231SD/0 St Peter & Paul Rocks June 17th 2015 by 285SD101 Marenga.
History of The Rocks…..
On April 20, 1511, a Portuguese Navy fleet composed of six caravels under the command of Captain Garcia de Noronha discovered the islets by accident while on their journey to India. While navigating in open sea at late night, the Saint Peter caravel, under the command of Captain Manuel de Castro Alcoforado, crashed against the islets. The crew was rescued by the Saint Paul caravel, forming the name given to the islets.
On the morning of February 16, 1832, the rocks were visited by Charles Darwin on the first leg of his voyage on HMS Beagle around the world. Darwin listed all the fauna he could find; noting that not a single plant or even a lichen could be found on the island. Darwin found two birds, a booby and a noddy, a large crab that stole the fish intended for baby birds, a fly that lived on the booby and a parasitic tick. He found a moth that lived on feathers, a beetle, a woodlouse that lived on dung, and numerous spiders that he thought lived on scavengers of the waterfowl. Darwin felt that these rocks represented how life first took hold on a newly formed outcrop. Darwin was correct in noting that, unusually, these small islands were not volcanic, but were instead formed by a geologic uplift. Darwin’s account formed the basis of a fictionalized episode in Patrick O’Brian’s historical novel HMS. Surprise, when the naturalist Stephen Maturin is briefly marooned and survives by drinking fouled rainwater and the blood of boobies. Another famous person to visit the rocks was Ernest Shackleton, on his last expedition to Antarctica (1921-1922).
In 1942, during World War II, the islets were declared to be part of the Federal Territory of Fernando de Noronha (which also included the Rocas Atoll).
In early 1960, the rocks served as the starting-point and terminus for the first submerged circumnavigation of the world by the American nuclear-powered submarine USS Triton.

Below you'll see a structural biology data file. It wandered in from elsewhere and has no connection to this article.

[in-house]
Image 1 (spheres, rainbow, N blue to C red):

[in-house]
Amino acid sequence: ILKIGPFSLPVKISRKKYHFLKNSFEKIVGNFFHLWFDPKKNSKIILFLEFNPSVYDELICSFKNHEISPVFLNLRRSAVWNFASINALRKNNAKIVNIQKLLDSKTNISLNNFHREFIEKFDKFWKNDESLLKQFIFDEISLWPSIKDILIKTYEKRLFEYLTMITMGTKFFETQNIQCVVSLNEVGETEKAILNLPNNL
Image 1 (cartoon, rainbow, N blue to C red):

On June 25, 1998, the Brazilian Navy inaugurated the Saint Peter and Saint Paul Archipelago Scientific Station (Portuguese: Estação Científica do Arquipélago de São Pedro e São Paulo; ECASPSP). The station is manned with four researchers, who are rotated in and out every 15 days. By maintaining permanent occupation of the archipelago, the Brazilian Navy extends Brazil’s Exclusive Economic Zone, territorial waters and airspace into the North Atlantic Ocean.
On June 5–6, 2006, an earthquake with a magnitude of above six on the Richter scale rocked the archipelago. The strong tidal surge following the earthquake caused the battery compartment to crash against the station’s outer wall, allowing sea water to flood the station. The four researchers who were on the archipelago took shelter in the lighthouse, while maintaining constant contact with the Brazilian Navy. A fishing vessel located nearby rescued the researchers, who were then transferred to a Brazilian Navy patrol boat. The incident caused considerable damage to the station and equipment. The station was repaired on September 9–11, 2006, and became operational shortly after.
In 2007, the Brazilian Navy started to build a new scientific station on the archipelago. Construction began on July 24, 2007, and was completed on June 25, 2008.The new station was built with seismic isolation, and is considerably larger and better equipped than the previous one.The station is composed of a main building – equipped with reverse osmosis salt water desalination system, photovoltaics system and satellite communications system; deposits and a mooring dock.
The Brazilian Navy also maintains a lighthouse on the archipelago, (ARLHS: SPP-001), built in 1995 to replace a previous one from 1930.
Air France Flight 447
On June 1, 2009, Air France Flight 447, an Airbus A330-200 en route from Rio de Janeiro to Paris was reported missing and is presumed to have crashed off the coast of Fernando de Noronha. Fragments from the aircraft were found near the Saint Peter and Saint Paul Archipelago.
The Saint Peter and Saint Paul Rocks are situated in the Atlantic Ocean, 100 km (62 mi) north of the Equator and are the only group of Brazilian oceanic islets in the Northern Hemisphere. The nearest point in the Brazilian coast, is Cabo do Calcanhar, Rio Grande do Norte, approximately 1,010 kilometers (630 mi) from the archipelago. The total emerged area is about 4.2 acres (1.7 ha) and the maximum land elevation is 18 m (59 ft), on Nordeste Island. The archipelago is composed of several rocks, five small rocky islets and four larger islets:Belmonte Islet: 5,380 square meters (57,900 sq ft)
Challenger Islet (also known as São Paulo): 3,000 square meters (32,000 sq ft)
Nordeste Islet (also known as São Pedro): 1,440 square meters (15,500 sq ft)
Cabral Islet: 1,170 square meters (12,600 sq ft)
South Islet: 943 square meters (10,150 sq ft).
Their base is over 3,650 meters (11,980 ft) below sea level.None of the islets has a permanent fresh water supply available.Biology
Only the largest of the islets, Belmonte, is vegetated with mosses and grasses. The other rocks are mostly barren, except for some sea algae and fungi that can tolerate the salt spray. The rocks are inhabited by seabirds, including the brown booby (Sula leucogaster), brown noddy (Anous stolidus), and black noddy (Anous minutus), as well as crabs (Grapsus grapsus), insects and spiders.